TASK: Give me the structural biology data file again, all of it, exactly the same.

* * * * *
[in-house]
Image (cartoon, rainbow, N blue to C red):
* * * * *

[in-house]
Image (cartoon, rainbow, N blue to C red):